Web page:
Paradigm Studio CC-690 Crossover? - AVS Forum
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post #1 of 17 Old 04-19-2012, 12:33 PM - Thread Starter
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Hello All.

I've been trying to get clarification from Paradigm Support regarding the Studio CC-690's crossover points and what frequency range the "mid/woofer" covers, but I keep getting responses that don't make sense (to me).

The question that I posted to their support was:

Quote:


Hello

The website clearly states the crossover points are 3 kHz, and 500 Hz.

What the website does not clearly state is:
1) how the "mid/woofer" drivers compare to the mid driver (the driver below the tweeter), and
2) how the "mid/woofer" drivers compare to the outer woofers drivers

If the CC-690 is just a 3-way speaker with only two crossover points, then that would imply either:
a) the two "mid/woofer" drivers operate exactly as the center midrange driver, or
b) the two "mid/woofer" drivers operate exactly as the outer woofers

What role do the "mid/woofer" drivers (ie: the two 7 inch S-PAL cones) perform?

Can you confirm that the CC-690 is not a 3.5-way like the Signature C5?

Paradigm's Response:

Quote:


Hello!
The 690 is a 3.5 way model. The bass woofers cross over at 500hz and the mid woofer run from 500-3khz. The mid/tweeter assembly operates from 3khz - 22khz.
Cheers!

(Note that this was the second communiqué to Paradigm Support. Their response to my first question was canned and simply told me what I already said I knew from the CC-690's specs page)

Support's latest response implies that the little center mid driver (below the tweeter) starts at 3kHz and goes up. Yet the range for the mid is usually:

Code:
Studio CC-490:  500 - 2.1 kHz
Studio CC-590:  400 - 2.5 kHz
Studio 60:      500 - 2.0 kHz
Studio 100:     300 - 2.0 kHz;
Studio ADP-590: 300 - 2.1 kHz
Signature C5:   500 - 2.1 kHz
If the Studio CC-690 is like the Signature C5, then I would have expected a third crossover point. Based on the C5's specs page, my assumption is that the "woofer/mid" in the C5 operates from 43 - 600Hz, and the purpose of the outer woofers is to reinforce the woofer/mid from 350Hz and down (hence the .5 in 3.5-way).

Is there anyone out there who knows what frequency the drivers cover?

Cheers

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post #2 of 17 Old 04-19-2012, 01:18 PM
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A 3.5 way crossover will still have two crossover points. In the case of the 690 it would work like this:

Tweeter operates between 22k and 3k
Mid operates between 3k and 500
Woofer 1 operates below 3k
Woofer 2 operates below 500
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post #3 of 17 Old 04-19-2012, 04:21 PM
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Funny no where in any cc-690 or specification is it identified as a 3.5 way?

Spec's
cc-690 6-driver, 3-way center channel
2nd-order electro-acoustic at 3.0 kHz;
2nd-order electro-acoustic at 500 Hz
(bass drivers)
C5 6-driver, 3-1/2-way center channel
3rd-order electro-acoustic at 2.1 kHz;
2nd-order electro-acoustic at 600 Hz,
2nd-order electro-acoustic at 350 Hz
(outer bass drivers)

Then how about the CC-390 still a three way.
7-driver, 3-way center channel
2nd-order electro-acoustic at 2.4 kHz;
2nd-order electro-acoustic at 250 Hz
(bass drivers)

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post #4 of 17 Old 04-19-2012, 10:52 PM - Thread Starter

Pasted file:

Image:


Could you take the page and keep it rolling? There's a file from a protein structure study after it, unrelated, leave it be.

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Quote:
Originally Posted by Ron Alcasid View Post

A 3.5 way crossover will still have two crossover points. In the case of the 690 it would work like this:

Tweeter operates between 22k and 3k
Mid operates between 3k and 500
Woofer 1 operates below 3k
Woofer 2 operates below 500

Hello Ron.

You sir, have blown my head. [pun intended]

Initially I thought you were a nut-bag. My reasoning was that: if
  • 2.5 way speakers have two crossover points, then that would mean that
  • 3.5 way speakers should have three crossover points.

After doing some research on high/low/pass-band filers and crossovers, I think I figured out how it's done.

I don't know the correct way to show the crossover topology (correct me if I'm using the wrong terminology), so please excuse my crude ascii art diagram.

If I understand it correctly, it works like this: ...
Code:
          M
      T   W   M   W
22K   :
      :
 3k ->X---.   :
          :   :
500       :-->X----
          :       :
  0       :       :

 T = Tweeter,  M = Mid,  MW = Mid/Woofer,  W = Woofer
Is that correct?

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post #5 of 17 Old 04-19-2012, 11:01 PM - Thread Starter
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Quote:
Originally Posted by JohnAV View Post

Funny no where in any cc-690 or specification is it identified as a 3.5 way?

I'm not saying it is, I'm not saying it isn't.
Paradigm support said that it was, but only after I put the words in their mouth, so the response from support is highly questionable.

Quote:
Originally Posted by JohnAV View Post

Then how about the CC-390 still a three way.

The CC-390 only has three types of drivers:
  • 1 x High-Frequency Driver
  • 2 x Midrange Drivers
  • 4 x Bass Drivers
from here: http://www.digitalcentre.com.au/p/51...on-6-each.html

While the CC-690 and the C5 both have an additional "mid/woofer".

I love my C-spot vibrator. (that's C ... as in cochlea)
Lower ... deeper ... sharper ... harder ... Owh Yeahhh.

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post #6 of 17 Old 04-20-2012, 01:39 AM
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I don't think they list both xo points for the woofers in 2.5 speakers

No subwoofer I've heard has been able to produce the bass I've experienced in the Corps!

Must..stop...buying...every bluray release...
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post #7 of 17 Old 04-20-2012, 05:09 AM - Thread Starter
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Quote:
Originally Posted by pokekevin View Post

I don't think they list both xo points for the woofers in 2.5 speakers